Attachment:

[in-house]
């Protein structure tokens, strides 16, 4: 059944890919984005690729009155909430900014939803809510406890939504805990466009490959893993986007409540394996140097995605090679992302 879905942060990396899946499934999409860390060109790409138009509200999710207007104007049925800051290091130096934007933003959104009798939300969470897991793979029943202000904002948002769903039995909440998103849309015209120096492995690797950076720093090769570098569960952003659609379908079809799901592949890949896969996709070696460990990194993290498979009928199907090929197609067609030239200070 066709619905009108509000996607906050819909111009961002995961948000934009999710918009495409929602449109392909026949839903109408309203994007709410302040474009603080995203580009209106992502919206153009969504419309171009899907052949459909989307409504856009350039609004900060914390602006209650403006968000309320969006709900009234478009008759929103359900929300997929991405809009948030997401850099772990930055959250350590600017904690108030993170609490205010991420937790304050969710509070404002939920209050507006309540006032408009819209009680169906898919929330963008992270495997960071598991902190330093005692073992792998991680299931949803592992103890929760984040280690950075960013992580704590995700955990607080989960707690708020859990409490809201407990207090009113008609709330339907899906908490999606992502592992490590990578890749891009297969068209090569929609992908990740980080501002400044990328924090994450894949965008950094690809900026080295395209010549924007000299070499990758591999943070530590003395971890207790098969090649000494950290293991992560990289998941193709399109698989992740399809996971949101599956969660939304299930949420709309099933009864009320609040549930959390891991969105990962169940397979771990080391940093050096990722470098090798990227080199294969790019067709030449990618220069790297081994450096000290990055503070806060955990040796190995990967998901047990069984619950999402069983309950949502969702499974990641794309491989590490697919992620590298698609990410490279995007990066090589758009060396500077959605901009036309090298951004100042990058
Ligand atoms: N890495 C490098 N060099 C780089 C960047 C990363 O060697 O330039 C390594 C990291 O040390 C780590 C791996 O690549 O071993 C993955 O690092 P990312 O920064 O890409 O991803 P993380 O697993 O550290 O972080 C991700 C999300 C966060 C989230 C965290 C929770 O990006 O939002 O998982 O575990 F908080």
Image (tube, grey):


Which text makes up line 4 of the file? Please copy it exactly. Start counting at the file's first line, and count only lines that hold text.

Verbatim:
Image (tube, grey):